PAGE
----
Scanners were developed at a time when security teams were brand new in companies, and … the scanner would need to port-scan a host, or every server, and send probes to see if it’s vulnerable to something or not. The thing is, a lot of devices don’t like being scanned, such as embedded devices. Sometimes a printer, say, will print 20 pages as a result.

Or sometimes the results can be devastating. Say it’s the database in charge of the payroll. If it’s crashing on a Friday night at the end of the month … basically those [security] guys will lose their jobs. This isn’t just Nessus—this is every network vulnerability scanning tool, because you have a tool interacting with software, and you can’t predict every response or guarantee the software won’t crash something.

So side effects are a problem for all scanners?

Yes. No company out there has the resources to set up a lab which can reproduce all the network devices and configuration you’ll find across the world. But thanks to the community built behind Nessus and the free exchange between users and developers, we basically have the best lab of the world. I get feedback from users, sometimes just a few minutes after I publish a new plug-in. In that regard, we compare very well to commercial scanners … and this is why so many companies choose to use Nessus, no matter how big they are.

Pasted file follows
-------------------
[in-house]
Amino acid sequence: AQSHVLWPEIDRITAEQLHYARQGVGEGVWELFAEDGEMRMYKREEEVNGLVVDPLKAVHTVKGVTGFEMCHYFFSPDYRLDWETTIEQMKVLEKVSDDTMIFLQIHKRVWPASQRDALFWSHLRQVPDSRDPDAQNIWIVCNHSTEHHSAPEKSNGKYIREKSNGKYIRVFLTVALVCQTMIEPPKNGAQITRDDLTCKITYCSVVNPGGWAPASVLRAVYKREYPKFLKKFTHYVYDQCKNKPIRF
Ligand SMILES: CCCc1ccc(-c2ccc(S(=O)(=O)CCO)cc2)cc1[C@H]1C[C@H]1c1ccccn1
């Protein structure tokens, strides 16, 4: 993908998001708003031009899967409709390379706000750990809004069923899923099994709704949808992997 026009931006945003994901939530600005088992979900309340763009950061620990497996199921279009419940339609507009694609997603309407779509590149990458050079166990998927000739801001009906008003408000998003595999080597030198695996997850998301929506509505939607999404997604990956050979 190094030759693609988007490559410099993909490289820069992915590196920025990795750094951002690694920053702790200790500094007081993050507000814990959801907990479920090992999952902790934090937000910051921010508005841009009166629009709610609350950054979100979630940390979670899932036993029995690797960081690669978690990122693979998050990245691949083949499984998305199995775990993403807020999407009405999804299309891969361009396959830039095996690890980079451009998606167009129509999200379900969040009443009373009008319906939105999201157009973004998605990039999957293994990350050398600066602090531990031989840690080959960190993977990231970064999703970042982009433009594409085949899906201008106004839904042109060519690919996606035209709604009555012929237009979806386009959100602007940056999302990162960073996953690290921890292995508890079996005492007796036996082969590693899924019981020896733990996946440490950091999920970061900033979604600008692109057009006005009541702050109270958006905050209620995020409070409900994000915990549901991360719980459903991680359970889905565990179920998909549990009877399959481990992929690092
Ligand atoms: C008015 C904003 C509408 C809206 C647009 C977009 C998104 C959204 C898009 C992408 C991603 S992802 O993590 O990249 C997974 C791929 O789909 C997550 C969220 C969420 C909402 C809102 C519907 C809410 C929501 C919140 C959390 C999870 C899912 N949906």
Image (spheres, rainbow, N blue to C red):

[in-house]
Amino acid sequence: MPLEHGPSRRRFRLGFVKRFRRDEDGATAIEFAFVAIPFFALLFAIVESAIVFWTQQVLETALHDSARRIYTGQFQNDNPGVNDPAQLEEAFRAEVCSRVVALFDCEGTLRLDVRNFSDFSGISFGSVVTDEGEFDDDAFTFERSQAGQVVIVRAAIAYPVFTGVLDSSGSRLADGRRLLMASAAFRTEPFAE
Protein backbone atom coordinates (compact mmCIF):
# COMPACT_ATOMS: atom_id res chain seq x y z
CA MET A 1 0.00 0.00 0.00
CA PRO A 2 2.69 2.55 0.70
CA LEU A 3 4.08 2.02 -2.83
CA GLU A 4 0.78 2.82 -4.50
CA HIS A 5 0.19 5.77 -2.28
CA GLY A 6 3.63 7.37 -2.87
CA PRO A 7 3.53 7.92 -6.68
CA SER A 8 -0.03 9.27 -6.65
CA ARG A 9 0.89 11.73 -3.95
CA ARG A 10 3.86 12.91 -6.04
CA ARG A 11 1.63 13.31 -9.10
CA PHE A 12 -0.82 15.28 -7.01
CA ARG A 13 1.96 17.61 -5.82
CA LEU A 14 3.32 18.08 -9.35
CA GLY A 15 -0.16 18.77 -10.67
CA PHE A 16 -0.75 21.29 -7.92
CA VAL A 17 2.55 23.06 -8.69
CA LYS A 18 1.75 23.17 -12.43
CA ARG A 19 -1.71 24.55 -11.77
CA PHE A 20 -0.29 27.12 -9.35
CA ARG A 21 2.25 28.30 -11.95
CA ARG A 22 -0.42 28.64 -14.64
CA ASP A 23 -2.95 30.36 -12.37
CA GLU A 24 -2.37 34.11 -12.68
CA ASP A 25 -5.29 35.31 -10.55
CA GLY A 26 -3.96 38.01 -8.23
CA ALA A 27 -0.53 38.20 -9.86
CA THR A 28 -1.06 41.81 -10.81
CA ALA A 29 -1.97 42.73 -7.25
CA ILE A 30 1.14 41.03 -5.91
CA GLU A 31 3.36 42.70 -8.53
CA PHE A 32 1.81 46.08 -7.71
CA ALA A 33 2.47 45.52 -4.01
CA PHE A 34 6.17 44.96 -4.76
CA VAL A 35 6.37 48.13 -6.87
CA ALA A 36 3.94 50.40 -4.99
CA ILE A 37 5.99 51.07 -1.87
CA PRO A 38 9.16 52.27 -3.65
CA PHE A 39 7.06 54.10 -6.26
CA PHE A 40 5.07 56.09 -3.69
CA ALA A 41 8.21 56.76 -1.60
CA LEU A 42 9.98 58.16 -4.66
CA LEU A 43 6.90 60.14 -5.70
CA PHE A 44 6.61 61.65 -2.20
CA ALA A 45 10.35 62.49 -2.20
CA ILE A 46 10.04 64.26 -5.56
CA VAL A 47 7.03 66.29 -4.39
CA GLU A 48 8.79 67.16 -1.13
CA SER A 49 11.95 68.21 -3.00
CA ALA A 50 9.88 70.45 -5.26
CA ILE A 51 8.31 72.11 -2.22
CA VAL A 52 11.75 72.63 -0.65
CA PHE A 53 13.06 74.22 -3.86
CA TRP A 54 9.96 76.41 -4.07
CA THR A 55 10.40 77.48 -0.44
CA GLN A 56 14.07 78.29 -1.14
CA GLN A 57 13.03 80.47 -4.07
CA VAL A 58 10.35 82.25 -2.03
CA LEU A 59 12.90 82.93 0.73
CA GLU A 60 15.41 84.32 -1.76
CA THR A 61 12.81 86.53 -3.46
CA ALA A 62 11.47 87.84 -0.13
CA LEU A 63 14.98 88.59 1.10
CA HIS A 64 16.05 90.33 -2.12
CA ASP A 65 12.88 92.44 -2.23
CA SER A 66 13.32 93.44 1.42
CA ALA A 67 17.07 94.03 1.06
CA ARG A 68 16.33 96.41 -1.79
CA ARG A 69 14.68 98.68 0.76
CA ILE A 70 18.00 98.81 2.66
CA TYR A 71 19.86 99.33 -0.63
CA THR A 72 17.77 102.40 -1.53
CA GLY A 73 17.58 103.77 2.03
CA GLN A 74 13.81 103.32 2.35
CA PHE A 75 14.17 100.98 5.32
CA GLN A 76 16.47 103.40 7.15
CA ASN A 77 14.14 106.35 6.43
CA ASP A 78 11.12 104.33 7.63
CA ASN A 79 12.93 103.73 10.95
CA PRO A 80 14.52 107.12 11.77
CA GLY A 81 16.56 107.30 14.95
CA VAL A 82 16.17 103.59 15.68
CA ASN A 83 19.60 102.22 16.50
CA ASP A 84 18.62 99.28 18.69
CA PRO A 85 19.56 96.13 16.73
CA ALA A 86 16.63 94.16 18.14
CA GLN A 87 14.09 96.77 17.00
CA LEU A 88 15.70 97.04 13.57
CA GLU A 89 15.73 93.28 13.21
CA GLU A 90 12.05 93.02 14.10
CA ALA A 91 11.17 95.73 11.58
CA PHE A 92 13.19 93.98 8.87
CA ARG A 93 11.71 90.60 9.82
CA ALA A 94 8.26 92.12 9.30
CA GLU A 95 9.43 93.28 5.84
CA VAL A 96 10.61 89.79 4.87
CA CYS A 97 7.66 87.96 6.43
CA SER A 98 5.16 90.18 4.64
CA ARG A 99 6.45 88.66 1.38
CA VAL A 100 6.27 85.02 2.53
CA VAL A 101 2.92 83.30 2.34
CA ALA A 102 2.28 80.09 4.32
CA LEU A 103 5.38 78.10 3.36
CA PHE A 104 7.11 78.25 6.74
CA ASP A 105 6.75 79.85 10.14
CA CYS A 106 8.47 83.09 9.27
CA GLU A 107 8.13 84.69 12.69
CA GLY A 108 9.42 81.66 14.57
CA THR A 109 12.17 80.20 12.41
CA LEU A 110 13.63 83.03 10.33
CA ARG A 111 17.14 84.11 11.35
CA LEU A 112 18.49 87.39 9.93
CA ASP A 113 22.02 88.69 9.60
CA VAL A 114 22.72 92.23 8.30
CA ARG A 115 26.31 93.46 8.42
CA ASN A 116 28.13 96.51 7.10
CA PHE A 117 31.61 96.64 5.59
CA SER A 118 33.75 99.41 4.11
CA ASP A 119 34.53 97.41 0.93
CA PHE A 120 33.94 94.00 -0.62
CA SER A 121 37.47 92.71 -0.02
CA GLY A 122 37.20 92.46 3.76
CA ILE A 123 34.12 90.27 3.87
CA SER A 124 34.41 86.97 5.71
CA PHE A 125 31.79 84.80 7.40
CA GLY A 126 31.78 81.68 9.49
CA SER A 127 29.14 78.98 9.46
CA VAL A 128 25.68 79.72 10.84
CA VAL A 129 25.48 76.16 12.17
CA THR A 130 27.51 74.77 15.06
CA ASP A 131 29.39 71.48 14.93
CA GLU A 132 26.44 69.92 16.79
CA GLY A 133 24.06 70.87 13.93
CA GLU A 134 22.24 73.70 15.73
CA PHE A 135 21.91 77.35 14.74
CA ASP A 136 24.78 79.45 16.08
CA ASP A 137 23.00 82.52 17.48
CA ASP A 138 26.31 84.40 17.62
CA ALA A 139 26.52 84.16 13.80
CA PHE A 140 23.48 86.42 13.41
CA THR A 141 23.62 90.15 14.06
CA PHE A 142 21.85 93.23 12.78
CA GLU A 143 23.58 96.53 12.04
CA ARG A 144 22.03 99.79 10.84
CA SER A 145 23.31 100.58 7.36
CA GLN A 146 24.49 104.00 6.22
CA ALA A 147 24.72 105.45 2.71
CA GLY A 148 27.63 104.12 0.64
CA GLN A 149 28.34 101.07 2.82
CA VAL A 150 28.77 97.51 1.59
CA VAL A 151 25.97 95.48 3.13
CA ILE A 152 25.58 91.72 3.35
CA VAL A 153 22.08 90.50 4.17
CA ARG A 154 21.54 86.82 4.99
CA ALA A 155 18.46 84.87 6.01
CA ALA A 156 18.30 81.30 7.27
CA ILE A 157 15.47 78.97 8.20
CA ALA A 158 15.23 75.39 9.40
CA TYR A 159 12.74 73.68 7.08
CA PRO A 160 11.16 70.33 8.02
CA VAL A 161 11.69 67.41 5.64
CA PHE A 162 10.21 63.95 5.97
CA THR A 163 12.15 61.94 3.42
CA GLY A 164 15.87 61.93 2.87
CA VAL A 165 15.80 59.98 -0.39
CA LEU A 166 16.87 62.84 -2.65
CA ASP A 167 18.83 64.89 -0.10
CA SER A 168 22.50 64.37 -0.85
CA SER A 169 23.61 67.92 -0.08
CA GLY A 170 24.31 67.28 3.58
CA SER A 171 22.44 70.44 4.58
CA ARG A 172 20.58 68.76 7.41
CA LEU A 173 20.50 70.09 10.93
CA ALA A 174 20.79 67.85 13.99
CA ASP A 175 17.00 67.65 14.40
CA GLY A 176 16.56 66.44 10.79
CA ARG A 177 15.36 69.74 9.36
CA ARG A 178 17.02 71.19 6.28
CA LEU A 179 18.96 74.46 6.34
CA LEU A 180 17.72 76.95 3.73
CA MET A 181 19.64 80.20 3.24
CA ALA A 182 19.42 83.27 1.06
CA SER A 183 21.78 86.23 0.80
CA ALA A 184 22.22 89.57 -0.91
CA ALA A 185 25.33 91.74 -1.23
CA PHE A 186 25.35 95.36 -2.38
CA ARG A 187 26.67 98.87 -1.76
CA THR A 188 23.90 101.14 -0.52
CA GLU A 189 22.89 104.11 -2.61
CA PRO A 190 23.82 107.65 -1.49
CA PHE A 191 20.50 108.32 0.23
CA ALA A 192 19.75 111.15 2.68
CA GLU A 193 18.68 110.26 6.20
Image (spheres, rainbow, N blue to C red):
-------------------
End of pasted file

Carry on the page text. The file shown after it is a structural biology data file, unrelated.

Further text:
What’s the advantage of quickly releasing or revising plug-ins?

When the scanner tells you your remote Apache server has to be patched, sometimes a scanner can be wrong, and basically with every commercial offering, people are stuck into believing the scanner blindly. With Nessus, they can actually check to see how the scan was done. So they waste less time …

And the more they use Nessus, [oftentimes] the more [instances] they want to deploy, and basically that’s where Tenable gets in the picture, because we sell a product called Lightning which manages a great number of Nessus scanners.

What advantages do commercial scanners give companies?